"Because he looks at me like he's making fun of me, he starts laughing to himself when he sees me..."
"Have you often stuck out your tongue at him?"
"Every time I've seen him...
No doubt Simenon had stuck out his tongue at someone in that street. But No. 61 Rue de la Province no longer exists.
Thanks to the testimony of little Justin the body and the murderer were finally discovered. To reward the child, inspector Maigret gives him his business card with, hand-written on the back, "Good for one bicycle."
In writing these lines 40 years later, the child of Outremeuse become writer, offered himself the bicycle that his mother never had.
Saint-Pholien. On the knocker of the door at the right of the church of Saint-Pholien, a body was hung. It was in March, 1922. The hanged man was Joseph Kleine, painter-decorator, cocaine addict. Such was the newpaper item which put an end to the bohemian life of the quarter la Caque, in which Simenon had participated. Much later, Simenon would write Le Pendu de Saint-Pholien, which presented the atomosphere of the bohemian life of Liège in those years.
Saint-Pholien church, on the door of which they found "little Kleine" hung. A true news item from which Simenon was inspired to revive the atmosphere of "la Caque".
Arriving in front of Saint-Pholien, Maigret paid his taxi. And now he looked at the new church that stood in the middle of a vast open strip. On the left and right spread boulevards bordered with buildings of about the same age as the church. But behind it remained an old district which they had partially cleared to make room for it... On three sides, low, squalid houses leaned against walls and gave to the whole a medieval aspect.
This is la Caque. Maigret entered one of the houses...
In a corner there was a kind of couch, or rather the box-spring of a bed, covered in part with a piece of calico cloth. And just above, hung a triangular lantern, of colored glass, as you can sometimes find in a secondhand shop. Someone had thrown on the couch some bones of an incomplete skeleton, like those used by medical students. ... There were still the walls! The white walls that had been covered with drawings, or even fresco paintings!
Mme Bonvoisin knew Simenon well in the bohemian days. They were 17. She found him charming...
There is a skeleton hung on the wall of the apartment of Mme Jos Bonvoisin, 86, widow of the famous Liège painter. She lived the bohemian life of la Caque. With "Sim", as he was called then. The walls of her apartment are covered with her husband's pictures. On a table, a statue of Buddha, a rhinoceros horn...
"Ha, ha... an erotic symbol," she laughed.
"Did you know Simenon well?"
"At that time we were both 17. He was a big boy with blue eyes, wavy hair. He was very charming.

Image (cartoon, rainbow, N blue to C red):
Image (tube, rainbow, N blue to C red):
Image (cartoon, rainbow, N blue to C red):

"Did you like him?"
"Me, I went with Bonvoisin. Sim wasn't interested in serious girls. He was looking for something else. We were three girls in the group. He preferred the hookers. There was a district of them near la Caque. He would tell us stories about them."
"What did you do, during those bohemian evenings?"
"We read a lot. We read Anatole France, Nietzsche... And we discussed all that. There were some who played the violin. The place had been rented by Jef Lambert. We were interested in ancient civilizations and Buddhism. Some didn't have a penny. With their big hats, their long pipes and their ideas, they were the last romantics."
In Le Pendu de Saint-Pholien, Simenon called the group "The companions of the Apocalypse".
Naturally, we rediscovered the world! We had our ideas on all the great problems! We put down the bourgeois, society and all established truths... The oddest affirmations mix well together when you've drunk several glasses and the smoke makes the air opaque... We mixed Nietzsche, Karl Marx, Moses, Confucius and Jesus Christ...
"At that time, Simenon could have become an anarchist," claimed Jean-Denys Boussart.
"But Sim wasn't really an active part of the group," replied Mme Bonvoisin. At the Academy, I remember that he drew one sheet of only mouths. Nothing but mouths! But he really wasn't interested in all that. You didn't know exactly why he came. Maybe just to watch us? Anyway, he was the first to leave la Caque. I never saw him again. And I don't like to read Simenon.
And what did Simenon think of bohemian Liège? The answer comes from the mouth of Maigret:
"What's this? Anarchists? Counterfeiters? An international gang?" asked the commissioner's assistant.
"Kids!" he replied.
To discover Simenon's Liège, read Pedigree, Je me souviens, Le témoignage de l'enfant de choeur, Les Trois Crimes de mes amis, La Danseuse du Gai-Moulin, Le Pendu de Saint-Pholien, L'Ane rouge, Crime impuni, La Rue aux trois poussins, Faubourg, Les Noces de Poitiers.
translation: Stephen Trussel
Honolulu - January 2006